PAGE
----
Bill Jacobson: American Trip, 1975 Opening Reception (Tenderloin Museum)
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Tenderloin Museum | 398 Eddy St, San Francisco, CA 94102
Submitted by the Event Organizer
American Trip, 1975 is a never before exhibited selection of early work by artist/photographer Bill Jacobson. The images, made in San Francisco’s Tenderloin at a pivotal moment in the neighborhood’s history, are infused with dreamlike splendor and beguiling candor.
Opening Reception: September 15, 2022 | 6pm – 8pm
The photographs came from the young artist’s formative journey into the heart of an unfamiliar and great city– thus, the notion of a “trip.” Originally from a small East Coast town, Jacobson spent his junior year of college on the opposite coast, studying at the San Francisco Art Institute. San Francisco engendered a cultural counterpoint that energized Jacobson both personally and artistically, and the time for the young artist was pivotal. The dense, multitudinous thrum of the Tenderloin intrigued him as an environment in which he could fully dedicate himself to self-discovery, through both observation as well as image making. Jacobson depicts vibrant bar scenes populated by pensioners and long-term denizens. Significantly, there’s also an photograph of porn celebrity Marilyn Chambers at The Mitchell Brothers’ Theater, emblematic of the neighborhood’s sensational nightlife. Together, these photographs point to the transitory nature of the Tenderloin, as well as its function as an enclave of working-class housing and as a refuge for society’s outcasts.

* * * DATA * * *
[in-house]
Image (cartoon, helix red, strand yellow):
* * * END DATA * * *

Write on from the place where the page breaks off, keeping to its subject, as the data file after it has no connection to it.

These images foreshadow some of the artist’s eventual dedicated lines of aesthetic inquiry. Jacobson’s celebrated and iconic Interim Portraits, along with his related explorations with defocused photography throughout the 1990s, explore the porous relationships between abstraction and evocative, haunting imagery. While frequently contextualized as symbolic of the AIDS epidemic, Jacobson’s work from that decade broadly evokes emotional responses to our relationships with others, as well as loss, the power of memory and its shortcomings, erosion, and lacunae. His earlier American Trip 1975 resonates with a similar deep yet fleeting visual energy, exemplifying how people can both seem to exist in place while implying the tentativeness of human existence.
American Trip, 1975 also tells the story of the relationship between humans and the built environment, as well as a neighborhood on the cusp of change. These images were made in 1975, the same year of the Fall of Saigon, after which Bay Area bound Vietnamese and other Southeast Asian refugees landed in the low-rent Tenderloin district. This influx of families began a change in the neighborhood’s stature, away from the liminal zone of boarding houses, single workers, and misfits, and toward a more diverse, politically galvanized, and self-aware community. As such, Jacobson’s photographs document the eve of this generational shift, portraying the Tenderloin in all of its infamous grandeur and mystery with the enthusiasm of an artist encountering this extraordinary neighborhood all for the first time.
Exhibition Dates: September 1 – October 29, 2022
About the artist:
Bill Jacobson (b. 1955, Norwich, Connecticut) is widely known for his photographs of the figure, landscape, and object. He began his signature, indistinct images in 1989, and has since been exhibiting in galleries and museums throughout the US and Europe. His early Interim Portraits feature shadowy, pale figures that evoke the loss experienced by many during the height of the AIDS epidemic. The blurred subjects underline the futility of capturing a true human likeness in both portraiture and memory. Subsequent photographic explorations include Songs of Sentient Beings, Thought Series, A Series of Human Decisions, and more recently Place (Series). His work is in the collections of the Guggenheim Museum, the Metropolitan Museum, the Whitney Museum, SFMOMA the Victoria and Albert Museum, and many others. He was the recipient of a 2012 fellowship from the John Simon Guggenheim Foundation and a 2016 fellowship from the Pollack-Krasner Foundation. Jacobson has published six monographs. when is a place will be published in 2023 by Hatje Cantz. He holds a BFA from Brown University and an MFA from the San Francisco Art Institute.
Categories: Art & Museums, In Person